Health Knowledge, Attitudes, Practice

Publication Title: 
Complementary Therapies in Medicine

INTRODUCTION: Little is known about the adoption of evidence-based practice (EBP) by yoga therapists (YTs). OBJECTIVE: To determine the attitudes, skills, training, use, barriers and facilitators to the use of EBP amongst North American YTs DESIGN: Cross-sectional, descriptive survey METHODS: Self-identified YTs practicing in North America were invited to participate in an online survey. YT attitudes, skills, training, utilisation, barriers to use, and facilitators of EBP use were measured using the 84-item Evidence-Based practice Attitude and utilization SurvEy (EBASE).

Author(s): 
Sullivan, Marlysa
Leach, Matthew
Snow, James
Moonaz, Steffany
Publication Title: 
The Medical Journal of Australia

When a prominent Australian politician, the then Premier of Tasmania, The Honourable Jim Bacon, publicly announced in February 2004 that he had lung cancer, he was inundated with well-wishing communications sent by post, email and other means. They included 157 items of correspondence recommending a wide variety of complementary and alternative medicines (CAMs). The most common CAMs recommended were meditation, Chinese medicine, "glyconutrients", juices, Laetrile and various diets and dietary supplements.

Author(s): 
Lowenthal, Ray M.
Publication Title: 
The Medical Journal of Australia

When a prominent Australian politician, the then Premier of Tasmania, The Honourable Jim Bacon, publicly announced in February 2004 that he had lung cancer, he was inundated with well-wishing communications sent by post, email and other means. They included 157 items of correspondence recommending a wide variety of complementary and alternative medicines (CAMs). The most common CAMs recommended were meditation, Chinese medicine, "glyconutrients", juices, Laetrile and various diets and dietary supplements.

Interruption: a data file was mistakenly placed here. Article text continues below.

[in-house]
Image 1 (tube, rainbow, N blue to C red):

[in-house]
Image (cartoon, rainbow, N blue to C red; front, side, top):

Author(s): 
Lowenthal, Ray M.
Publication Title: 
Journal of Wound, Ostomy, and Continence Nursing: Official Publication of The Wound, Ostomy and Continence Nurses Society

Pregnancy presents many problems without working through additional problems in coping with an ostomy. Yet many women with an ostomy do get pregnant and do deliver healthy babies. Evidence-based nursing is of the utmost importance, as there is little published information on this topic. Because of the scarcity of pregnant subjects within the ostomy category, most studies, by necessity, select a purposive subject base. Therefore, other information sources regarding nursing management of the pregnant woman with an ostomy take on considerably more importance.

Author(s): 
Sredl, Darlene
Aukamp, Virginia
Publication Title: 
Journal of Health Organization and Management

PURPOSE: The paper aims to take a reflective stance on the relationship between policy/evidence and practice, which, the authors argue, is conceptually under-developed. The paper aims to show that current research perspectives fail to frame evidence and policy in relation to practice. DESIGN/METHODOLOGY/APPROACH: A qualitative study was conducted in the English NHS in four Primary Care Trusts (PCTs). Seventy-five observations of meetings and 52 semi-structured interviews were completed.

Author(s): 
Gkeredakis, Emmanouil
Swan, Jacky
Powell, John
Nicolini, Davide
Scarbrough, Harry